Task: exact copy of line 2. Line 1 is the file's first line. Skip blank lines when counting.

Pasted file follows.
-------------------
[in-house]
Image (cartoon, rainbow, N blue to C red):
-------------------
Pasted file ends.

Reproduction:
Image (cartoon, rainbow, N blue to C red):